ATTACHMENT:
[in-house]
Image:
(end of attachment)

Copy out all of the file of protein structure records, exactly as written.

[in-house]
Image: